Judging by President Mahindra Rajapaska’s speech to his troops, there is not only an unwillingness to confront the real truth, but anyone who dares try and speak it potentially faces a term of imprisonment.
Those who might accuse the United Nations of being toothless and frequently failing to act in other parts of the World might like to look at the Sri Lanka experience, and ask themselves whether this time it is Europe that is planning to turn a blind eye to humanitarian abuses on the island whose name is a literal translation of ‘Island of Splendour’.
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If you want to know what makes a Canadian lynx a Canadian lynx a team of DNA sequencers has figured that out.
- A team at UMass Amherst recently sequenced the genome of the Canadian lynx.
- It's part of a project intending to sequence the genome of every vertebrate in the world.
- Conservationists interested in the Canadian lynx have a new tool to work with.
If you want to know what makes a Canadian lynx a Canadian lynx, I can now—as of this month—point you directly to the DNA of a Canadian lynx, and say, "That's what makes a lynx a lynx." The genome was sequenced by a team at UMass Amherst, and it's one of 15 animals whose genomes have been sequenced by the Vertebrate Genomes Project, whose stated goal is to sequence the genome of all 66,000 vertebrate species in the world.
Sequencing the genome of a particular species of an animal is important in terms of preserving genetic diversity. Future generations don't necessarily have to worry about our memory of the Canadian Lynx warping the way hearsay warped perception a long time ago.
Artwork: Guillaume le Clerc / Wikimedia Commons
13th-century fantastical depiction of an elephant.
It is easy to see how one can look at 66,000 genomic sequences stored away as being the analogous equivalent of the Svalbard Global Seed Vault. It is a potential tool for future conservationists.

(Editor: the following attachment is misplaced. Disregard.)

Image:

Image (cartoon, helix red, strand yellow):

But what are the practicalities of sequencing the genome of a lynx beyond engaging with broad bioethical questions? As the animal's habitat shrinks and Earth warms, the Canadian lynx is demonstrating less genetic diversity. Cross-breeding with bobcats in some portions of the lynx's habitat also represents a challenge to the lynx's genetic makeup. The two themselves are also linked: warming climates could drive Canadian lynxes to cross-breed with bobcats.
John Organ, chief of the U.S. Geological Survey's Cooperative Fish and Wildlife units, said to MassLive that the results of the sequencing "can help us look at land conservation strategies to help maintain lynx on the landscape."
What does DNA have to do with land conservation strategies? Consider the fact that the food found in a landscape, the toxins found in a landscape, or the exposure to drugs can have an impact on genetic activity. That potential change can be transmitted down the generative line. If you know exactly how a lynx's DNA is impacted by something, then the environment they occupy can be fine-tuned to meet the needs of the lynx and any other creature that happens to inhabit that particular portion of the earth.
Given that the Trump administration is considering withdrawing protection for the Canadian lynx, a move that caught scientists by surprise, it is worth having as much information on hand as possible for those who have an interest in preserving the health of this creature—all the way down to the building blocks of a lynx's life.
The exploding popularity of the keto diet puts a less used veggie into the spotlight.